How to recover from oral surgery
After oral surgery, there are some simple steps you can take to reduce the pain and help your mouth recover quickly. Follow these do’s and don’ts to speed up your recovery and avoid infection.
- Take it easy. Rest at home, avoiding physical activity. Keep your head propped up with pillows to reduce swelling and bleeding.
- Use ice. Apply ice packs to your face for 15 minutes on and then 15 minutes off to keep swelling down.
- Eat soft foods. Stick to a liquid or soft food diet for the few days after surgery. Opt for soups, yogurts, fruit milkshakes, smoothies and mashed potatoes.
- Take prescribed antibiotics. If your dentist or oral surgeon prescribes you antibiotics, finish the course as directed.
- Keep your mouth clean. After 24 hours have passed, rinse gently with warm salt water (one teaspoon of salt in a glass of warm water) four times a day. Be sure to rinse after every meal and snack, making sure that the water removes any bits of food around the surgical area. Your dentist may also recommend a chlorhexidine rinse to kill bacteria.
- Brush carefully. Don’t brush or floss the teeth in the surgical area until fully healed, but continue to brush and floss the rest of your mouth.
- Eat foods rich in vitamin A and C. These vitamins support the healing process. Load up on foods like eggs, fish, sweet potatoes and stewed carrots.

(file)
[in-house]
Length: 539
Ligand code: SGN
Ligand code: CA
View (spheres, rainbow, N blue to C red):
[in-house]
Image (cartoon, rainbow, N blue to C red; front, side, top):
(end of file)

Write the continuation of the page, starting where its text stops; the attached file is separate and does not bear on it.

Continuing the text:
- Don’t overexert yourself. Avoid exercise for two to three days after surgery. Increased blood flow can dislodge the blood clots that form as your mouth heals.
- Don’t eat hot foods and drinks. Avoid hot food or drinks until the local anesthesia wears off. You cannot feel pain while you’re numb, and you may burn your mouth.
- Don’t eat hard or crunchy foods. For six to eight weeks, avoid biting on items like carrots or popcorn in the area of the surgery.
- Don’t smoke or drink alcohol. Smoking and alcohol can interfere with the healing process.
Follow your dentist’s after-care instructions to heal quickly without complication. However, you should contact your dentist immediately if you experience any of the following:
- Throbbing pain that doesn’t respond to medication
- Bleeding that continues even when you apply pressure
- A fever that lasts for more than 24 hours after surgery
- Pus, which can indicate an infection
- Trouble swallowing or breathing
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The oral health information on this web site is intended for educational purposes only. You should always consult a licensed dentist or other qualified health care professional for any questions concerning your oral health.